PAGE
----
Non-NIOSH-approved N95 respirators made in China

  • On April 3, 2020, in response to continued respirator shortages, the FDA issued a new EUA for non-NIOSH-approved N95 respirators made in China, which makes KN95 respirators eligible for authorization if certain criteria are met, including evidence demonstrating that the respirator meets certain standards.
  • On May 7, 2020, the FDA revised and reissued the April 3, 2020 EUA based in part on concerns raised about the performance of certain respirators authorized under the third criterion of the April 3, 2020 EUA. For example, data from NIOSH testing on some respirators that were listed in Appendix A showed that some respirators failed to meet the expected filtration performance efficiency.
  • On June 6, 2020, the FDA reissued the Non-NIOSH-Approved Disposable Filtering Facepiece Respirators Manufactured in China by revising the Scope of Authorization such that authorized respirators listed in Appendix A will no longer be authorized if decontaminated. The FDA also reissued multiple decontamination system EUAs, such that, among other things, they are no longer authorized to decontaminate respirators manufactured in China, where applicable.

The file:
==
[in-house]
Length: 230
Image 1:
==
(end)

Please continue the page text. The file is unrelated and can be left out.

The FDA also issued guidance outlining a policy to help expand the availability of general use face masks during this pandemic. Face masks may also be authorized for use as source control (for example, not as PPE) under the Face Mask umbrella EUA if certain criteria are met.

The FDA has adjusted its import screening to further expedite imports of legitimate products and is continually monitoring its import systems to prevent and mitigate any potential issues. The FDA established a special email inbox, COVID19FDAIMPORTINQUIRIES@fda.hhs.gov, for industry representatives to quickly communicate with the agency and address questions or concerns. The FDA is ready and available to engage with importers to minimize disruptions during the importing process.

Q: How can manufacturers of personal protective equipment (PPE) who may be considering increasing availability of these products to the US market engage with the FDA?